As solenoid valve 303 opens it provides a signal to cylinder 304 so that piston 309 moves to the right in FIG. 3. This creates a vacuum that accelerates the flow of the discharged fuel solution or slurry into cylinder 304. Actuator 305 controls the movement of piston 309. Actuator 305 is any of a variety of mechanisms including, but not limited to, those driven by electricity and/or gases or liquids.
After cylinder 304 is filled, actuator 305 drives piston 306 to the left in FIG. 3 forcing, under pressure, all or a predetermined portion of the cylinder's contents through nozzle 306. Nozzle 306 has a small aperture, e.g. .020-040 inches, and the discharged fluid passing is broken up into a fine mist that extends outwardly is an expanding pattern into drying vessel 307. Drying vessel is disposed so that its full length can receive the spray pattern emanating from nozzle 306. Since the pressure in vessel 307 is atmospheric pressure, the fine mist of liquid sprayed into vessel 307 quickly evaporates at can exit via outlet 312. As this occurs, the solid contents in this mist are deposited at the bottom of the vessel. This deposit can then be easily removed. Valve 308 facilitates the removal of the solid portion of the discharged fuel.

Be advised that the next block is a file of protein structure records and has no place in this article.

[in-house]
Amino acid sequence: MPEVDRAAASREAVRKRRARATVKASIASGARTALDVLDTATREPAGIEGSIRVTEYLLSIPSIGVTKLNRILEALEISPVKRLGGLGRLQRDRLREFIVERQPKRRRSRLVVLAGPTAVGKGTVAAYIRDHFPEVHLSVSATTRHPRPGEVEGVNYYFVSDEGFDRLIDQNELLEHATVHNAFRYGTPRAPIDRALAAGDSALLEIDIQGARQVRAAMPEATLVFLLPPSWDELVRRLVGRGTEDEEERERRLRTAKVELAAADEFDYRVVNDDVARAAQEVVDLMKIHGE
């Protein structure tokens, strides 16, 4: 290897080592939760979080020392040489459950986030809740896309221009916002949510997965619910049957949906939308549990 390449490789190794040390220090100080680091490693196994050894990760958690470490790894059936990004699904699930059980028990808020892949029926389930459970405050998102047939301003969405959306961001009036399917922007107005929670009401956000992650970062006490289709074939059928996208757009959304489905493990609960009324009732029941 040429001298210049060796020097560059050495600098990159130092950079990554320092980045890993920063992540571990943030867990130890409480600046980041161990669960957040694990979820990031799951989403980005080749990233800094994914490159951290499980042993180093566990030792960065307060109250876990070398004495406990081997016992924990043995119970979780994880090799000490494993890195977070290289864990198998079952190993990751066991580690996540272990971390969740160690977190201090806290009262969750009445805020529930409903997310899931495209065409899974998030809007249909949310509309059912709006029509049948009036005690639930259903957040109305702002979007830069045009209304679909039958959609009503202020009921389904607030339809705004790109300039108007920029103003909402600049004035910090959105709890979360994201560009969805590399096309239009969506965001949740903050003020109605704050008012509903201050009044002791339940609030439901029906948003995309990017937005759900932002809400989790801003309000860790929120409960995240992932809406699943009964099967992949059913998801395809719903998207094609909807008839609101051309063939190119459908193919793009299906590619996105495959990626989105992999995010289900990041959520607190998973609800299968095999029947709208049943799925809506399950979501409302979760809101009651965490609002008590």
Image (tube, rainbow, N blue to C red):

The performance of nozzle 306 can be enhanced by incorporating an ultrasonic pin in its aperture. This pin vibrates during the drying operation and reduces the likelihood of the nozzle clogging. Such nozzles are commercially available.
While the embodiment of FIG. 3 is believed to possess a number of advantages, other drying mechanisms can be used. Such mechanisms include tumblers, dryers, and spreading or wiping mechanisms that spread the deposited material over a larger surface area so as to accelerate the evaporation process.